Kokako #32: Night Sky

The widely-read New Zealand journal, Kokako, publishes haiku, tanka, haibun and related forms. As usual, the most recent issue (#32) includes writing from New Zealand and around the world.


This issue of Kokako includes a poem of mine titled, Night Sky, which is written in the form of a haiku shuffle. In an earlier post, I explained that a haiku shuffle seeks to use the strong imagery of haiku to create a poem with a contemporary feel. This is achieved largely by deconstructing the haiku around the phrase and fragment, and by shuffling and repeating lines. Links to my other posts on the haiku shuffle are shown below.

As a first step in writing a shuffle, it is important to write a set of strong haiku. You can write any number of haiku you wish, but for the shuffle to work well you need to begin with good haiku. Once you are satisfied with the haiku you can proceed to shuffle lines and fragments, repeat lines, repeat fragments and build up the poem.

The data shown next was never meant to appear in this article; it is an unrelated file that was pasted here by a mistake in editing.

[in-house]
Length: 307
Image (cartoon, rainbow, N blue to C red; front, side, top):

This is my poem from Kokako #32:

Night Sky

the colours
of sunset
rising together

pale pink and apricot
a kink in my neck

rising together
your star and mine

drifting in space

the milky way
so many things
need doing

I decide to straighten
the southern cross

night sky
the moon
looks so earthly

drifting in space

is your star
still there

If you would like to read more from Kokako, information on subscriptions and submissions can be obtained from the Editors, Patricia Prime and Margaret Beverland, by emailing kokakonz(at)gmail(dot)com.

How To Haiku Shuffle

There’s been some interest in the poems I’ve published using the haiku shuffle format, so I thought I’d take the opportunity to explain my thinking about this format a little more clearly.I’ve written on this topic in two previous posts (see links below). The first of these explained how the idea grew out of discussions…

The Haiku Shuffle

In late 2017, the Canberra-based Haiku @ The Oaks writing group was discussing various ways to present haiku in a live situation. Inspired by the ideas from this meeting, I applied a variation of these thoughts to writing a haiku style poem – a form I now like to call the haiku shuffle. Back in 2017,…

Harbour Beacon

Dick Pettit, from Denmark, contacted me last year asking whether I would like to collaborate with him in writing a haiku shuffle. We subsequently wrote a poem titled Harbour Beacon which was published earlier this year in the New Zealand journal, Kokako, #34. As you can see in my previous posts about the haiku shuffle…